Uniform National Discharge Standards (UNDS): Frequently Asked Questions
- What are Uniform National Discharge Standards (UNDS)?
- What is a marine pollution control device (MPCD)?
- How did the EPA and the Department of Defense (DOD) evaluate the discharges?
- What have the EPA and the DOD done to assess discharges by vessels of the Armed Forces?
- What vessels are covered by UNDS?
- How have the EPA and the DOD involved the states?
- How does UNDS affect the public, the states and the Armed Forces?
What are Uniform National Discharge Standards (UNDS)?
The EPA and the DOD anticipate that the standards will enhance environmental protection of U.S. waters by creating nationally protective standards for vessels of the Armed Forces. UNDS will achieve two results. The first is that U.S. Armed Forces vessels can continue to meet operational requirements. The second is that these national standards will reduce the environmental impacts associated with these discharges, stimulate the development of improved pollution control devices and advance the development of environmentally sound military vessels.
What is a marine pollution control device (MPCD)?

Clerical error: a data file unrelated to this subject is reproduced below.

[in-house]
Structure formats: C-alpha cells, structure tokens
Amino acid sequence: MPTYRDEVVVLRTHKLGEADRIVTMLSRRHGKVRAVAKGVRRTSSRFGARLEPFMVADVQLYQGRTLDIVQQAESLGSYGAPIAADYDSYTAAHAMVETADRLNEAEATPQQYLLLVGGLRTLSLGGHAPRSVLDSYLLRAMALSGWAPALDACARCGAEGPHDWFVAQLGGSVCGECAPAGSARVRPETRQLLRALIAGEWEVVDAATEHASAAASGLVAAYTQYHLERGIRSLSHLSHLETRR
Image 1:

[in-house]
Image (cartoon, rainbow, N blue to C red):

An MPCD is any equipment or management practice designed to treat, retain or control discharges of a vessel. The EPA and the DOD must consider seven statutory factors in determining whether it is reasonable and practicable to require the use of an MPCD.
How did EPA and the Department of Defense (DOD) evaluate the discharges?
May 10, 1999
|DOD Only Rule
Year After Phase II
The EPA and the DOD published Phase I of the Uniform National Discharge Standards (UNDS) rule on May 10, 1999. The Phase I rule identified all discharges incidental to the normal operation of Armed Forces vessels and characterized each discharge to determine if it required control, based on its potential to have an environmental impact. The Phase I rule also established procedures for no-discharge zones.
In Phase II, the EPA and the DOD, in consultation with the U.S. Coast Guard (USCG), are developing standards for each discharge that was determined to require control in Phase I. The standards will be established in three batches.
In Phase III, the DOD, in consultation with the EPA and the USCG, will establish regulations governing the design, construction, installation and use of MPCDs aboard vessels of the Armed Forces. These regulations will be required to meet the performance standards promulgated in Phase II. The Phase II performance standards don't become effective until Phase III requirements are in place.
What have the EPA and the DOD done to assess discharges produced by vessels of the Armed Forces?
As part of the UNDS process, the EPA and the DOD evaluated the environmental effects of the discharges and proposed performance standards for MPCDs to control these discharges. Each discharge is evaluated according to the following statutory factors listed in Section 312(n)(2)(B):
- Nature of the discharge
- Environmental effects of the discharge
- Practicability of using the MPCD